Is Your Construction Operation Compliant with OSHA's Silica Standard?

3 minutes
Construction worker drilling into concrete wall.

From site preparation and excavation work to concrete cutting and demolition, construction companies need to ensure that their operations comply with the OSHA Respirable Crystalline Silica standard (29 CFR 1926.1153). The standard requires the construction industry to take steps to protect employees from exposure to respirable crystalline silica and outlines specific employee notification, medical surveillance, training and recordkeeping requirements.

About two million construction employees are exposed to respirable crystalline silica in more than 600,000 workplaces,1 according to the Occupational Safety and Health Administration (OSHA). Long-term overexposure may lead to silicosis, an incurable lung disease, as well as chronic obstructive pulmonary disease and kidney disease.

Here are some steps that construction companies can take to help them comply with the standard.

1. Identify specific work tasks and operations where potential silica exposure may occur. Silica may be generated during work with mined materials, including soil, sand, rock, stone or granite. Construction companies should identify any job task or operation where respirable crystalline silica may become airborne and inhaled. Specific construction activities that may generate silica include:

  • Saw cutting and jack hammering of concrete or asphalt,
  • Cutting and shaping stone,
  • Excavation work,
  • Site preparation,
  • Dry sweeping, and
  • Cleaning with compressed air.

2. Exposures to silica must be evaluated. Exposure to respirable crystalline silica can be evaluated one of three ways:

  1. Following parameters outlined in Table 1 of the OSHA Respirable Crystalline Silica Standard for Construction.
  2. Referencing applicable objective exposure data.
  3. Completing air monitoring.

OSHA has developed a table for construction work, listing specific tasks, required engineering methods, work practice control methods, and respiratory protection procedures to be closely followed. In the event that a certain task is not available in Table 1, the requirements of Table 1 are not followed as specified, or no objective data is available for the task, then air monitoring is required. Compare exposure monitoring results to applicable occupational exposure limits including the OSHA Permissible Exposure Limit (PEL) of 0.05 mg/m3 and the OSHA Action Level of 0.025 mg/m3 for respirable crystalline silica.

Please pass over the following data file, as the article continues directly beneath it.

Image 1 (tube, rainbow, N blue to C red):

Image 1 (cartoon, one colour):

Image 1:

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3. Develop an exposure control plan for the identified tasks or operations. Identify work tasks that present a potential exposure to respirable crystalline silica. Include these work tasks in a written exposure control plan. Review work tasks and discuss with employees who can provide valuable insight into ways to reduce exposures, such as the engineering and administrative controls discussed below.

4. Implement engineering/administrative controls to minimize exposures as needed. Engineering controls should be considered first and can include local exhaust ventilation, dust suppression systems, such as misters, as well as use of power tools with integrated vacuum systems (following manufacturer instructions). Administrative controls include scheduling maintenance and high exposure operations when few employees are present, using job rotation schedules, and using work-rest schedules that limit the amount of time an employee is exposed to a hazard.

5. Determine the need for respiratory protection and/or a medical surveillance program based on exposure evaluation results. Respiratory protection may be necessary when engineering or work practice controls are not effective in minimizing employees’ exposure to respirable crystalline silica. For construction, required respiratory protection is defined by tasks listed in Table 1. If a task is not listed in Table 1, requirements are the same as general industry. General industry requires respiratory protection any time the PEL is exceeded.

6. Develop and provide employee training. Review and update your hazard communication training program to include silica-specific information, including tasks with potential exposure to silica. Construction companies are required to provide training on how to reduce risk of exposure, and to notify employees of results and corrective actions, if necessary. Companies must also maintain records of exposures and medical records if applicable.

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